Biologic therapy is a treatment that uses the patient's immune system to fight cancer. Substances made by the body or made in a laboratory are used to boost, direct, or restore the body's natural defenses against cancer. This type of cancer treatment is also called biotherapy or immunotherapy.

How are metastatic brain tumors treated?

Tumors that have spread to the brain from somewhere else in the body are usually treated with radiation therapy and/or surgery. Chemotherapy may be used if the primary tumor is the kind that responds well to chemotherapy. Clinical trials are under way to study new treatments.

Treatment in a clinical trial

For some patients, taking part in a clinical trial may be the best treatment choice. Clinical trials are part of the cancer research process. Clinical trials are done to find out if new cancer treatments are safe and effective or better than the standard treatment.

Many of today's standard treatments for cancer are based on earlier clinical trials. Patients who take part in a clinical trial may receive the standard treatment or be among the first to receive a new treatment.

Patients who take part in clinical trials also help improve the way cancer will be treated in the future. Even when clinical trials do not lead to effective new treatments, they often answer important questions and help move research forward.

Some clinical trials only include patients who have not yet received treatment. Other trials test treatments for patients whose cancer has not gotten better. There are also clinical trials that test new ways to stop cancer from recurring (coming back) or reduce the side effects of cancer treatment.

Clinical trials are taking place in many parts of the country. In the following lists of treatments for the different types of brain tumors, a link to search results for current clinical trials is included for each section. These have been retrieved from NCI's clinical trials database. For some types of tumors, there may not be any trials listed. Check with your doctor for clinical trials that are not listed here but may be right for you.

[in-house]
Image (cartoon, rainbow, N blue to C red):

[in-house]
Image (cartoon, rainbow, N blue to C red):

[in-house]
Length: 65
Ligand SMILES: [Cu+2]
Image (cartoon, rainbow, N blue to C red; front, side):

Brain Stem Gliomas

Treatment of brain stem gliomas may include the following:

  1. Hyperfractionated radiation therapy.
  2. A clinical trial of new anticancer drugs and/or biologic therapy.

Check for U.S. clinical trials from NCI's PDQ Cancer Clinical Trials Registry that are now accepting patients with adult brain stem glioma.

Pineal Astrocytic Tumors

Treatment of pineal astrocytic tumors may include the following:

  1. Surgery and radiation therapy, with or without chemotherapy.
  2. A clinical trial of external radiation therapy plus hyperthermia therapy or new methods of delivering radiation therapy.
  3. A clinical trial of new anticancer drugs and biologic therapy following radiation therapy.

Check for U.S. clinical trials from NCI's PDQ Cancer Clinical Trials Registry that are now accepting patients with adult pineal gland astrocytoma.

Pilocytic Astrocytomas

Treatment of pilocytic astrocytoma is usually surgery with or without radiation therapy.

Check for U.S. clinical trials from NCI's PDQ Cancer Clinical Trials Registry that are now accepting patients with adult pilocytic astrocytoma.

Diffuse Astrocytomas

Treatment of diffuse astrocytoma may include the following:

  1. Surgery, usually with radiation therapy.
  2. A clinical trial of surgery and radiation therapy with or without chemotherapy for tumors that cannot be completely removed by surgery.